Gravity Falls Creator Shares Disney’s Absolutely Bananas Censorship Notes

Gravity Falls Creator Shares Disney’s Absolutely Bananas Censorship Notes
Screenshot: Disney

It was 10 years ago yesterday that Gravity Falls debuted on the Disney Channel. If you know the show, there’s about a 98 per cent chance you love it and are still somewhat aching from the loss since the finale aired in 2016; if you don’t know the animated series, all I call tell you is you’re missing out. But you don’t have to be a fan to be amused and utterly bewildered at the changes Disney asked creator Alex Hirsch to make lest someone, somewhere get offended.

Now, I’m not talking about Disney’s famous censorship of anything that could possibly be construed as a homosexual relationship, although there’s certainly a note about that as well in this video collection of emails from Standards & Practices Hirsch released on Twitter overnight. But I also mean things like, “A mere mention of a teddy bear suit might accidentally cause someone to think of furries having hot sex:”

I get that the whole point of a Standards & Practices department is to hunt down anything that might get them a call from an upset parent, and how the family-friendly Disney wants to be more careful than… just about every other company. But some of these notes are so bonkers that it feels like Disney hired the biggest perverts on the planet and asked them to specifically figure out the dirtiest, most inappropriate ways to take every single idea, image, and word. I mean, as Hirsch says in the video, “There once was a man from Kentucky” is not an existing limerick, meaning S&P had to create a potentially dirty rhyme themselves! In their heads!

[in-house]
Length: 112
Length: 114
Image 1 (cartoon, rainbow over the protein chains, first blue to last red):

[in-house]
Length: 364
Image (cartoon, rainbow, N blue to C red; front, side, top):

If you follow Hirsch on Twitter, you’ll remember this isn’t the first time he’s dragged his former employer; he tweeted this when Pride Month began in 2021:

So yeah, I wouldn’t expect any more Gravity Falls any time soon. Probably.


  • While I love this show, I feel that overlooking the opportunity to change the shirt to say “The Adventures of Round-Hound” is an unfortunate oversight.

  • I sure would like to see the real sources and see how these things are in the grander context and how many are cherry picked for comic effect. Especially the time line about the gay note, because of course a companies policies change over time to reflect the society of the time. And just because one gay scene might be defended, others might be rejected, because here in the real world context is everything.

  • I think alex made a very fair point. Does any company really care about pride if they are willing to drop it in countries that are very anti LGBT.

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